It seemed as though they were engaging with sound as a medium, achieving a level of synergy with their hardware to work through processes to deliver their concept. This tendency to resample, reuse, and push a kind of degradation was also illustrated in the centre label stickers of the BC records. In chronological order with each release, the previous label graphic seems to have been scanned and reproduced without attempting to camouflage any resultant entropic effects. Here too, it seemed as though they were engaging with deterioration as a generative process in itself.
When I was an art student, I encountered a dumpster containing books and administrative material. In it, I came across a copy of Art of the Avant-Garde in Russia: Selections from the George Costakis Collection. The book was in poor condition and some of its pages had been ripped out. I’ve always assumed that this is why it had been de-accessioned. I instantly became the new owner of the text. I was very much engaged by the imagery in it – I had never seen anything like it before. I was compelled by the constructive work shown in it. But because I had never seen the actual works, I had no objective knowledge of them in the primary form. I subconsciously attributed to the works an aura similar to that of ancient, other-worldly artefacts. My perception of them was led only by the reproductions. In many cases the black and white images were reprints of damaged photos of works, meaning they were twice removed from their original that was often lost or destroyed. I felt as though I could almost sense the potency of the original objects by looking through the grainy reproductions. To me, the pieces represented had become inseparable from the history and noise they were bathed in. It was obvious to me that these Constructivist works were chronologically and geographically distant as well as de-contextualised in the political sense, but in reproduction they had outlived their makers and transcended their own time.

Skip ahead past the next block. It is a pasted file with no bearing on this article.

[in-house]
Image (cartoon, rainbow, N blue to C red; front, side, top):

Most things refer to, or are a reproduction of something else, even if only a bare concept. To me, reproduction is like a passage that bridges the divide between something in its transitory states. In thinking about it, I find myself drawn to the idea of time – the way it passes, the way the present recedes into the past. I’ve found that by making work that refers to present situations that have become past ones in reproduction, the work becomes historical in a way, being ‘about’ something no longer knowable in its original state. The further my work travels along this trajectory from what is to what was, the more abstract it appears to me.